It has been said that you craft a relationship by practice, practice, practice. It does not just happen. In fact, 80% of couples choose to stay together after adultery in marriage. Monogamy is a conscious decision. Divorce is not an option or exit for those who have reached real-life love. Their mindset is different. Their mindset is we will make it work! It takes discipline to be married happily.
Adultery is now higher for women than it is for men. Career women may see life without a spouse as palatable because of the burnout they feel from carrying most of the responsibilities alone. Social networking after work pulls apart the intimacy and connection between a couple. People can look up old sweethearts and eulogize those memories. This makes them feel younger and fancy free.
There is no conflict or conflict resolution needed. Polite marriages are higher in adultery because they lack conflict which gives us passion. The bored are looking for the pizazz of first love, but are searching for it in the wrong place. No one knows that with better imagination and ingenuity you can have an affair with your own partner.
For those who claim monogamy is not natural to humans, studies suggest that married people have better health, sex, wealth, and happiness. Women in relationships feel more sexually satisfied after 15 years together. The longer a couple is together the more sense of kindness returns later in life—similar to the way the relationship was in the courting period.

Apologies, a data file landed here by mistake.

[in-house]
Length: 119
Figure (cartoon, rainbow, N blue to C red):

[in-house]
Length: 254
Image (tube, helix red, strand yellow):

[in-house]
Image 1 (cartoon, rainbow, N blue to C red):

This is real-life love and if you’ve got there you’ve traversed the power struggle it took to get there. After you conquer the power struggle stage you have more respect for each other. When you reach real-life love, you accept each other as you are and you are better for it. You have grown together as improved individuals.
Here are some tips for reaching real-life love: Continue reading
All us gals have a guy friend or brother who we know is just such an awesome and nice guy. We know he’s deserving of a really great woman and we want to see him hooked up, yet for some reason he seems to have little luck with attracting or keeping the ladies.
As a Dating & Relationship Coach helping men and women over the last decade, it isn’t actually much of a mystery why this happens to great guys, as there are patterns that all of them repeat. So be a good wing-girl and share these 3 secrets with him to assist him in permanently getting out of the Friend Zone with women. Make sure his 2017 rocks! Continue reading